If explaining a problem is usually enough to solve it by itself, why would you need someone listening to you?
You don’t. Next time you’re stuck with a problem, why don’t you try explaining your problem to an inanimate object, such as, say, a rubber duck?
I know, your parents have warned you about people who talk to objects — but the fact is that it works. Telling your problem to a rubber duck is as effective as telling your problem to a human (if not more). Flesh, feather or plastic, it doesn’t matter of what material your listener is made of: the principles that make this technique effective always work.
If it serves to reduce your resistance and feeling of weirdness towards the idea of explaining problems to objects, be aware that the concept is rather popular in the software development industry. There’s even a term coined for it: ‘rubber ducking’ (popularized by the book The Pragmatic Programmer, a must-read for software developers).
“Are you saying I should replace real people and start talking to rubber ducks?”
Well, not replacing — but what about developing the habit of always consulting your rubber duck first? I don’t mean to slight us humans, but rubber ducks do in fact have some advantages:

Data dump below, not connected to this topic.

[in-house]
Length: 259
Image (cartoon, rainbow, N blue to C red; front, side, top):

- Rubber ducks never interrupt your flow of thinking.
- You don’t need to be worried if you are bothering the rubber duck with your problems.
- Rubber ducks don’t gossip about your private problems with other rubber ducks.
- Your trusted rubber duck is never busy and is always waiting for your inquiries.
Give rubber ducking a try. Once you get past the initial odd sensation of talking to a thing, you’ll certainly enjoy the feeling of convenience and independence it brings; not to mention you’ll also save a lot of your time as well as other people’s.
And, in case the rubber duck doesn’t solve your problem, just go ahead and explain it again to a friend. By then, you’ll have the problem much more well-defined and articulated, dramatically increasing the chances that that friend will be able to help you.
Silent Rubber Ducking
You should always practice rubber ducking out loud — but there are situations when you can’t make noises or simply can’t afford the social awkwardness of it (“excuse me while I talk to my duck…”). Fear not: do your rubber ducking in writing instead — sure, you won’t have the benefits of verbalization, but the technique still works fine.